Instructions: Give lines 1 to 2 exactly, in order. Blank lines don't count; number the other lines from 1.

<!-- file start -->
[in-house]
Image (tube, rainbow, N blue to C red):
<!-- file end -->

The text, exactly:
[in-house]
Image (tube, rainbow, N blue to C red):